Video Asian Bacteria Threatens Florida Orange Trees

Florida's citrus fruit industry is facing a serious threat from a bacteria carried by the Asian insect called psyllid. The widespread infestation again highlights the danger of transferring non-native species to American soil. VOA’s George Putic reports.
Video

Video Aging Will Reduce Economic Growth Worldwide in Coming Decades

The world is getting older, fast. And as more people retire each year, fewer working-age people will be there to replace them. Bond rating agency Moody’s says that will lead to a decline in household savings; reducing global investments - which in turn, will lead to slower economic growth around the world. But experts say it’s not too late to mitigate the economic impact of the world’s aging populations. Mil Arcega has more.
Video

Video Is West Doing Enough to Tackle Islamic State?

U.S. President Barack Obama has ruled out sending ground troops to Iraq to fight militants of the so-called Islamic State, or ISIS, despite officials in Washington describing the extremist group as the biggest threat the United States has faced in years. Henry Ridgwell reports from London on the growing uncertainty over whether the West’s response to ISIS will be enough to defeat the terrorist threat.
Video

Video Coalition to Fight Islamic State Could Reward Assad

The United States along with European and Mideast allies are considering a broader assault against Islamic State fighters who have spread from Syria into Iraq and risk further destabilizing an already troubled region. But as VOA State Department Correspondent Scott Stearns reports, confronting those militants could end up helping the embattled Syrian President Bashar al-Assad.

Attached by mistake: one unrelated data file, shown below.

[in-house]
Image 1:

Video

Video Made in America Socks Get Toehold in Online Fashion Market

Three young entrepreneurs are hoping to revolutionize the high-end sock industry by introducing all-American creations of their own. And they’re doing most of it the old-fashioned way. VOA’s Julie Taboh recently caught up with them to learn what goes into making their one-of-a-kind socks.
Video

Video Americans, Ex-Pats Send Relief Supplies to West Africa

Health organizations from around the world are sending supplies and specialists to the West African countries that are dealing with the worst Ebola outbreak in history. On a smaller scale, ordinary Americans and African expatriates living in the United States are doing the same. VOA's Carol Pearson reports.
Video

Video America's Most Popular Artworks Displayed in Public Places

Public places in cities across America were turned into open-air art galleries in August. Pictures of the nation’s most popular artworks were displayed on billboards, bus shelters, subway platforms and more. The idea behind “Art Everywhere,” a collaborative campaign by five major museums is to allow more people to enjoy art and learn about the country’s culture and history. Faiza Elmasry has more.
Video

Video Chinese Doctors Use 3-D Spinal Implant

A Chinese boy suffering from a debilitating bone disease has become the first patient with a part of his spine created in a three-dimensional printer. Doctors say he will soon regain normal mobility. VOA’s George Putic reports.
Video

Video India’s Leprosy Battle Stymied by Continuing Stigma

Medical advancements in the treatment of leprosy have greatly diminished its impact around the world, largely eliminating the disease from most countries. India made great strides in combating leprosy, but still accounts for a majority of the world’s new cases each year, and the number of newly infected Indians is rising - more than 130,000 recorded last year. Doctors there say the problem has more to do with society than science. Shaikh Azizur Rahman reports from Kolkata.

AppleAndroid